Senate Democrats have held their discussions via conference call.
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Few senators roamed anywhere near the chamber all week except when the Senate called a series of votes Wednesday afternoon on the “phase 2” coronavirus bill.
Senate Majority Leader Mitch McConnell, R-Ky., advised senators he would elongate roll call votes from the standard 15 minutes to 30 minutes (even though most usually take about 25).
“Senators should come in, vote and leave,” instructed McConnell, worried that senators would congregate for long chunks of time in the well of the chamber.
And so, this is what makes it hard as a reporter to cover Congress in the time of coronavirus.
The Capitol press corps usually stakes out lawmakers in the Senate subway stations, just off the floor, by committee rooms and in the Speaker’s Lobby. It may not be hygienic for a gaggle of reporters to cluster around a member — or even chat one-on-one, walking through the tunnel to the Russell Senate Office Building.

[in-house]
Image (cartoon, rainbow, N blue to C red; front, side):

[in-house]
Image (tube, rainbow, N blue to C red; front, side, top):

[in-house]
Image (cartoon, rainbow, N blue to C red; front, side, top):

Under normal circumstances, most TV reporters do their live reports from several different locations on Capitol Hill. One such spot is called the “Will Rogers” area near the House floor. That’s because it’s close to the Will Rogers Statue. A lot of other reports come from the rotundas in the Russell Building or the Cannon House Office Building.
But, since it’s spring, and the weather is improving, Fox News made an effort to do live reports from a location near the House steps, known as the Elm Tree. That’s a misnomer because the Elm Tree that used to stand there is long gone. But the spot presents a dynamic, television-friendly backdrop of the U.S. Capitol.